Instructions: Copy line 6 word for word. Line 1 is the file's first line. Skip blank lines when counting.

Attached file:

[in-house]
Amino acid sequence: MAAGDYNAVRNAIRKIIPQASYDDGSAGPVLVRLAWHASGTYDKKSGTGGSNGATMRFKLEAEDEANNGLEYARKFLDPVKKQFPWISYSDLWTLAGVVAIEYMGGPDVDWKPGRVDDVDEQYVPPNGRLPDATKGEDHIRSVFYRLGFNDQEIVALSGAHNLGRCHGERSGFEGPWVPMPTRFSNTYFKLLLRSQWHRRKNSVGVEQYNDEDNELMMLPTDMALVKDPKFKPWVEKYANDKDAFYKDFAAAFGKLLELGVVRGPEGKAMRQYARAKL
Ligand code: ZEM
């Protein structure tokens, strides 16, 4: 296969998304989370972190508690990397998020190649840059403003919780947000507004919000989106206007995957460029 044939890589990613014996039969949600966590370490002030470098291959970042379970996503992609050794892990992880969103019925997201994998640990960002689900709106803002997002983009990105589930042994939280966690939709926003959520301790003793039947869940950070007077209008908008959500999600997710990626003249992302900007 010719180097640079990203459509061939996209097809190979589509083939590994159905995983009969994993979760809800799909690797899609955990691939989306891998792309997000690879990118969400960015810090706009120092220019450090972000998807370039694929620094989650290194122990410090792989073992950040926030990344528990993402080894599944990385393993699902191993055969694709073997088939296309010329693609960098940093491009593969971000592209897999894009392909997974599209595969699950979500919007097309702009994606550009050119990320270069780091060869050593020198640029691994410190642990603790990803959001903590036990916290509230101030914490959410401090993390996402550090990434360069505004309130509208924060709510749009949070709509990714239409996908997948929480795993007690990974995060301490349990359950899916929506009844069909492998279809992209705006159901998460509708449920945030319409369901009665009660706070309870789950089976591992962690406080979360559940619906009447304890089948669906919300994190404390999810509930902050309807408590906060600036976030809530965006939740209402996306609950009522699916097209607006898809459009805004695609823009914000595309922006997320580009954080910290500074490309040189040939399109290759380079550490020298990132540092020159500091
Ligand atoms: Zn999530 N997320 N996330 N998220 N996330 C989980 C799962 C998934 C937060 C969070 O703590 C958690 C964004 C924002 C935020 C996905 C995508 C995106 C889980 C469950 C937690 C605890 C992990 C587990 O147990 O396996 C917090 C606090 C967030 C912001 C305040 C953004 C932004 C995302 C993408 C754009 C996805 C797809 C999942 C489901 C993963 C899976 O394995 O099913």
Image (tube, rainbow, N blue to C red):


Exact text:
Image (tube, rainbow, N blue to C red):